Despite the fact that Volvo was a fairly progressive manufacturer, Volvo was one of the later truck producers to introduce diesel trucks. That was not by mere chance, but due to the fact that Gustaf Larson, one of the co-founders of Volvo, was a fellow engineering student of Jonas Hesselman, the inventor of the Hesselman engine.
Unfortunately, this meant that Volvo was one of the last manufacturers to offer diesel engines to customers, despite the fact that, by this time the genuine diesel engine was already far superior to the Hesselman engine.
The first Volvo diesel engine...
The original plan was to introduce the first diesel engine in 1940, but World War II delayed the introduction of the Volvo diesel truck. The first Volvo diesel engine was called 'VDA' ('Volvo Diesel engine type A') and was of the pre-combustion type like most of the diesel engines of that era. Originally, the VDA was planned to be of the more efficient direction-injection type.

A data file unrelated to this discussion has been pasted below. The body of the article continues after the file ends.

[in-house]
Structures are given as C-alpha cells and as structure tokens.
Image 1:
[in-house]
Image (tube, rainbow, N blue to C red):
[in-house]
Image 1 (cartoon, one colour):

At tests performed before the introduction of the direction-injection type VDA, it was found, however, that it was very difficult to start this version of the VDA in cold weather. So, in order to guarantee perfect reliability and long service life, a new version of the pre-combustion type was introduced in 1946. This was presented in the autumn of 1946 and very soon became the most popular truck in Sweden.